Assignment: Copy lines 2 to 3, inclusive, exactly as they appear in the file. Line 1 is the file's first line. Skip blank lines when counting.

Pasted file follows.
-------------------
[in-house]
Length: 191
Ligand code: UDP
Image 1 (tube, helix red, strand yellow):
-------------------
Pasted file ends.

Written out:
Length: 191
Ligand code: UDP